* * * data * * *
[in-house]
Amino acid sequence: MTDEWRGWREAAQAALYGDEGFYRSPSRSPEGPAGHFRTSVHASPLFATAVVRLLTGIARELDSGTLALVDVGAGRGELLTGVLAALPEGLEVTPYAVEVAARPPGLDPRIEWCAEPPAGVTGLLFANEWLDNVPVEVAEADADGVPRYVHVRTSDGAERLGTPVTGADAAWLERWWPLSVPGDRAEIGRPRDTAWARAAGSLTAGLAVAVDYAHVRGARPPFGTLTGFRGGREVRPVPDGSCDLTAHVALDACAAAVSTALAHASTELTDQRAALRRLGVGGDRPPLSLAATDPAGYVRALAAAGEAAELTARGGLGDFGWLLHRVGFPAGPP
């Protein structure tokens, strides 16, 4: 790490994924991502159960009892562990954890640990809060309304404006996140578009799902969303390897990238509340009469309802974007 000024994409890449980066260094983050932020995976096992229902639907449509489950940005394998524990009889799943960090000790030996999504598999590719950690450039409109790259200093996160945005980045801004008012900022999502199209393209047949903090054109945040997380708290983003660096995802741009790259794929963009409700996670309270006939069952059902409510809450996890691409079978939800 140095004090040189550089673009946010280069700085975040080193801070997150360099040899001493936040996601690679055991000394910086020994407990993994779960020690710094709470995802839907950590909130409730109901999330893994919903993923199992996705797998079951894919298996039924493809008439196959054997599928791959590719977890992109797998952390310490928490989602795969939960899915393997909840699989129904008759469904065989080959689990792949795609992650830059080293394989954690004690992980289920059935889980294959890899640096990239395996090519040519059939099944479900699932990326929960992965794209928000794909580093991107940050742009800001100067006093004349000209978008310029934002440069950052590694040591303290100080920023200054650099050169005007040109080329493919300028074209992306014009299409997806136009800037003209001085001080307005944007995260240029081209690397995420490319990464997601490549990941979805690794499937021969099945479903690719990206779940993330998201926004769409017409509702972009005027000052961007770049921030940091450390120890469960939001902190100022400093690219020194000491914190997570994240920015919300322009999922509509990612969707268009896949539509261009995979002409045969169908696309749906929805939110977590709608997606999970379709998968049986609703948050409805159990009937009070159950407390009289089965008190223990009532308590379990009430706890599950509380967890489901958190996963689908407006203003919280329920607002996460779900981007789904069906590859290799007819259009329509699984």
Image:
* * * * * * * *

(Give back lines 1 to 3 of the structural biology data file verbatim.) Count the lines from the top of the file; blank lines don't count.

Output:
[in-house]
Amino acid sequence: MTDEWRGWREAAQAALYGDEGFYRSPSRSPEGPAGHFRTSVHASPLFATAVVRLLTGIARELDSGTLALVDVGAGRGELLTGVLAALPEGLEVTPYAVEVAARPPGLDPRIEWCAEPPAGVTGLLFANEWLDNVPVEVAEADADGVPRYVHVRTSDGAERLGTPVTGADAAWLERWWPLSVPGDRAEIGRPRDTAWARAAGSLTAGLAVAVDYAHVRGARPPFGTLTGFRGGREVRPVPDGSCDLTAHVALDACAAAVSTALAHASTELTDQRAALRRLGVGGDRPPLSLAATDPAGYVRALAAAGEAAELTARGGLGDFGWLLHRVGFPAGPP
């Protein structure tokens, strides 16, 4: 790490994924991502159960009892562990954890640990809060309304404006996140578009799902969303390897990238509340009469309802974007 000024994409890449980066260094983050932020995976096992229902639907449509489950940005394998524990009889799943960090000790030996999504598999590719950690450039409109790259200093996160945005980045801004008012900022999502199209393209047949903090054109945040997380708290983003660096995802741009790259794929963009409700996670309270006939069952059902409510809450996890691409079978939800 140095004090040189550089673009946010280069700085975040080193801070997150360099040899001493936040996601690679055991000394910086020994407990993994779960020690710094709470995802839907950590909130409730109901999330893994919903993923199992996705797998079951894919298996039924493809008439196959054997599928791959590719977890992109797998952390310490928490989602795969939960899915393997909840699989129904008759469904065989080959689990792949795609992650830059080293394989954690004690992980289920059935889980294959890899640096990239395996090519040519059939099944479900699932990326929960992965794209928000794909580093991107940050742009800001100067006093004349000209978008310029934002440069950052590694040591303290100080920023200054650099050169005007040109080329493919300028074209992306014009299409997806136009800037003209001085001080307005944007995260240029081209690397995420490319990464997601490549990941979805690794499937021969099945479903690719990206779940993330998201926004769409017409509702972009005027000052961007770049921030940091450390120890469960939001902190100022400093690219020194000491914190997570994240920015919300322009999922509509990612969707268009896949539509261009995979002409045969169908696309749906929805939110977590709608997606999970379709998968049986609703948050409805159990009937009070159950407390009289089965008190223990009532308590379990009430706890599950509380967890489901958190996963689908407006203003919280329920607002996460779900981007789904069906590859290799007819259009329509699984």